Thursday, November 20, 2008

Long-Term Stability, or Economy in Liquidation?

Maybe now the gravity of the economic situation is dawning on the more genteel classes such as Hank Paulson. It bothers me that they still don't understand what's really happening or how to stop it.

Quite simply, we need the government to start buying bonds right now: Investment grade, each with appropriate spreads. Perhaps something like +500bp for BBB and +250bp for AAA. We establish a few specfic points along the 5yr, 10yr parts of the curve.

This would solve the biggest problem of all right now: Liquidity in the markets. Banks would sell you bonds with the quasi-understanding they would be willing to buy them back. This constant buying and selling is what it means to "make a market."

Now that the banks have less capital, they are willing to take on smaller amounts of "inventory" (bonds). That means that if you want to sell your bonds, they'll just knock a couple of points off the price. Now people are facing losses and scared to buy anything else. The system dries up. By itself, that doesn't matter much because these bonds are all paying interest. The problem is that when people aren't buying bonds, companies cannot sell bonds.

Selling bonds is just about the most important thing that happens in the US economy. Corporate debt was traditionally relegated to the nerdy backwards of the financial world, far from the rock-star status of the equity guys. They would take all the glory for the big mergers, especially when they involved large amounts of debt. The bond offering that made the whole thing possible would barely get a moment's notice, even though hundreds of people put thousands of hours of work into making it happen.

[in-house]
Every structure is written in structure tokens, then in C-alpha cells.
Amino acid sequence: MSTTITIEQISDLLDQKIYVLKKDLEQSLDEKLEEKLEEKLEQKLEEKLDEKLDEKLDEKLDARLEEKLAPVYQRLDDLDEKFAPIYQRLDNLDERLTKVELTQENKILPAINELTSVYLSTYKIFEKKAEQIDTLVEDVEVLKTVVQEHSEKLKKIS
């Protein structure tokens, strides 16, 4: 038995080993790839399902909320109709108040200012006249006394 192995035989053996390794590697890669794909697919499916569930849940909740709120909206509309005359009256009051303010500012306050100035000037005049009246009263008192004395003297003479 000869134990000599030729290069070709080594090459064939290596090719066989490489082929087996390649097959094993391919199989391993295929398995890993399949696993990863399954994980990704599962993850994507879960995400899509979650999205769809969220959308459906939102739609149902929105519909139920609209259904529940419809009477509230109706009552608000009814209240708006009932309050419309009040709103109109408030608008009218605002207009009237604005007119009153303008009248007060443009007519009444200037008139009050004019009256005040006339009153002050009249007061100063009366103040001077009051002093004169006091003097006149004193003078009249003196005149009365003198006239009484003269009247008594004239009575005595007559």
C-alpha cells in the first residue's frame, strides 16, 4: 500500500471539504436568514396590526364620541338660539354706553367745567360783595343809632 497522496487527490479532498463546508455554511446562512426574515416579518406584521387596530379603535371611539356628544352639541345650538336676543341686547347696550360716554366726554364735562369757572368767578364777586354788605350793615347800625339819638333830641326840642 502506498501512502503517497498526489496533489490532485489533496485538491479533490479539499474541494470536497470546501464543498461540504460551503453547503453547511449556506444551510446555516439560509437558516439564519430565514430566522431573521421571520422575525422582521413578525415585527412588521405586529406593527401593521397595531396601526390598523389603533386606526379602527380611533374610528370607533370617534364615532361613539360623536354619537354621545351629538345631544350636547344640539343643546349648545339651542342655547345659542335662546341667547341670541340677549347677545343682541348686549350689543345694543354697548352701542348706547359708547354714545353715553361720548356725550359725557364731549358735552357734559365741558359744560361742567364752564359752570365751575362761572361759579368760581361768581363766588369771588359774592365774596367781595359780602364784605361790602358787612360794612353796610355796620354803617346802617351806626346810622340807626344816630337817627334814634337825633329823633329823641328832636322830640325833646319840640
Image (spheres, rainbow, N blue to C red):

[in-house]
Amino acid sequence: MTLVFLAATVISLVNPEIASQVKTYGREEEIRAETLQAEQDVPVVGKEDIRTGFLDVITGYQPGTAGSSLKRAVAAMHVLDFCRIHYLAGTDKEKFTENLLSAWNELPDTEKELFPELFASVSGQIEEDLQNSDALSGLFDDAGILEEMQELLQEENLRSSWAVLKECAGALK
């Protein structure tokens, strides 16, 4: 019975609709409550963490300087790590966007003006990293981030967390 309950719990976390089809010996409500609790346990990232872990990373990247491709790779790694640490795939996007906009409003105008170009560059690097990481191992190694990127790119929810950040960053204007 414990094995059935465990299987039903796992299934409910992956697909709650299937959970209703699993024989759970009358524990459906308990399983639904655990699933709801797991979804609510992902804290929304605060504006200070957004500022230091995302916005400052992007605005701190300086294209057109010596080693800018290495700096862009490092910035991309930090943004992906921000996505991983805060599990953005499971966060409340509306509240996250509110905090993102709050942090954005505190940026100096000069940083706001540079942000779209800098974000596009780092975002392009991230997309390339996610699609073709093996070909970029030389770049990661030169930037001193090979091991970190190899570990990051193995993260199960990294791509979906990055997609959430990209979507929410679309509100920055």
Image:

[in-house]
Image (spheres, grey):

Like the plumbing or the electricity, we counted on it to work. When banks wanted to lend more to people and didn't have the deposits, they packaged up loans and sold them to the yield-starved investors in the bond market.

The dirty secret is that our economy has grown increasingly dependent on an opaque capital market system that's only partially controlled by our regulations. Household debt grew at a 10-12% range almost every quarter from Q4 2002 to Q2 2006. This was driven by mortgage lending, which in turn was driven by huge demand for mortgage-backed securities.

Banks held smaller and smaller proportions of the loans on their balance sheets and the system became increasingly dependent on the bond market for its funding.

Bonds are traded in an unregulated global market where central banks and foriegners channel large amounts of money based upon their own need to invest funds. They didn't think about or care whether borrowers needed the money. They had smooth-talking American mortgage brokers speaking for them, and the credit rating agencies said it all just fine.